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In this course, professional photo restorer Janine Smith describes how to use Photoshop to restore, retouch, and enhance old or damaged photos. It covers evaluating scanned images for imperfections, using the Clone Stamp tool and other Photoshop tools, and addressing common problems and their fixes, starting with the basics (fading, spots, and paper texture) and continuing with more complex challenges (rips, adhesive tape, ink marks, mold, and more). Also included are methods for fixing exposure problems and colorcast as well as advanced techniques in photo restoration, such as replacing backgrounds and recreating missing facial features and body parts. The course includes a project that takes an image from damaged start to restored finish.
When most people think of color correction, they automatically think of a Curves or Levels eyedropper adjustment, but there are so many other methods of color correction that aren't as well known and may not be thought of right away, such as a Levels Channel adjustment. Once you've opened your image in Photoshop, duplicate the layer by pressing Ctrl+J on a PC, Command+J on a Mac. Now go to the bottom of the Layers panel and select the half-black, half-white circle, the Create a new fill or adjustment layer button, and select Levels.
Now go up to the dropdown box marked RGB, to your channels, and select Red. What we want to do is move these sliders so they go into the most information per channel in the histogram. So in this case we'll move the Black channel over towards the right, go back up, select the Green channel--in this case all the histogram values toward the middle-- so we'll move both the Black and the White sliders and go back up and select the Blue channel and in this case we'll move the White slider over toward the left.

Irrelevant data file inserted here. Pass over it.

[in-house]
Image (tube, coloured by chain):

You can see a marked improvement. You can also select your Auto button and use that as a starting point, or if you like it, you can end there. But with working in channels, you get this great control, being able to move your sliders and find the tonal values you really like by channel. You can move your black, your white, and your midtone points, darken and lighten to your heart's content.
Making your color adjustments by channel and levels gives you more control than just hitting the Auto button, and can also give you a totally different result than using the Eyedropper tools. It's just one more method to try when adjusting color and getting rid of colorcasts.
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